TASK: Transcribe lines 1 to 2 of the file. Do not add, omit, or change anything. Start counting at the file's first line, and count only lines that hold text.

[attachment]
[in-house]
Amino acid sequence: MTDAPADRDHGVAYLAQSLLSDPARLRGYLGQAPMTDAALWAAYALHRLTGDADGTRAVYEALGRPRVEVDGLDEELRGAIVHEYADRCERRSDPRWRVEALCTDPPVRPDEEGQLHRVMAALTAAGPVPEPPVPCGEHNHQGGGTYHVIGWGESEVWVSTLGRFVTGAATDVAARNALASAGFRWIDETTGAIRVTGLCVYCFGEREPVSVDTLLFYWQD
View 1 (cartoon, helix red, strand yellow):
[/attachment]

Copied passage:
[in-house]
Amino acid sequence: MTDAPADRDHGVAYLAQSLLSDPARLRGYLGQAPMTDAALWAAYALHRLTGDADGTRAVYEALGRPRVEVDGLDEELRGAIVHEYADRCERRSDPRWRVEALCTDPPVRPDEEGQLHRVMAALTAAGPVPEPPVPCGEHNHQGGGTYHVIGWGESEVWVSTLGRFVTGAATDVAARNALASAGFRWIDETTGAIRVTGLCVYCFGEREPVSVDTLLFYWQD